The Easiest Way to Write the Perfect Positioning Statement

Posted by Leisa Redmon | September 10, 2021

positioning statement

Between the first automobile, antibiotics, and the Apple computer, there’s only a handful of truly new and innovative inventions that have shocked the world. 

But even with the millions of new business applications being filled out and submitted every year, not having a product labeled “the first of its kind” isn’t stopping entrepreneurs from entering the business world and chasing after their dreams.

Why?

Because you don’t have to be the first to hit the market to be successful; you just have to be unique, have a personality, and own your business’s brand story. 

That’s done by formulating your brand’s perfect positioning statement.

What is a Positioning Statement?

A positioning statement is a critical piece to the branding puzzle. 

It is an internal statement that dictates the exact way your brand should be identified to your target audience. Your positioning statement serves to summarize the unique value your product or service brings to the market, and helps your entire workforce unite in understanding your brand goal. 

How to Write Your Positioning Statement

The framework for a brand positioning statement usually looks like the following:

positioning statement framework

When performing a quick Google search of brand positioning statements, we can find practical examples of this formula put into practice.

Here are two from Coca-Cola and HubSpot, respectively.

 

coca-cola positioning statement hubspot positioning statement

Now, while having a framework sure makes writing a positioning statement easier, it doesn’t mean there shouldn’t be careful time and attention involved. 

So, let’s break it down.

  • Target Market
    Who is the target audience you want to reach? What are they interested in and what is their process of making decisions? The more specific you are here, the better.

    (Ex: Millennial business executives who want to make a positive impact on the environment.)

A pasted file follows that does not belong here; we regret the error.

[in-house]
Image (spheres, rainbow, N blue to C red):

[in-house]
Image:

• Brand Name
    This one is pretty straight-forward.

    (Ex: Tesla)
  • Market Category
    This is the space you compete in. It can be large, like a grocery store, or more niche, like a vegan health food market.

    (Ex: Tesla is in the market category of electric/hybrid automobiles.)
  • Unique Differentiator
    What are you the best at within your industry? What do you provide that no one else can?

    (Ex: Guilt-free luxury on any road trip.)
  • Benefit
    How will this unique differentiator affect your target market? How will it make them feel?

    (Ex: Driving a Tesla makes their target market feel like they’re making a positive impact on the environment both now and in the future.)
  • Reason to Believe in Your Brand
    What proof does your brand have to back up your claim? Are there data points you can utilize to confirm you’re the real deal?

    (Ex: Elon Musk, founder and CEO of Tesla Motors, has been a lifelong advocate for low-carbon technology.)

After playing your brand’s specific game of Mad Libs, it’s important to take a step back and look at the positioning statement with a critical eye. 

Is your company comfortable taking this opinion/approach to your brand? 

Can/Should you adjust your target market or unique differentiators?

Remember, because positioning statements are primarily internal, it’s okay if they’re imperfect. However, they should still be precise and to the point (not long-winded) and true to your brand’s mission and identity.

Looking for more help in defining your brand? Download your free copy of Telling Your Brand’s Story Through Digital Marketing.

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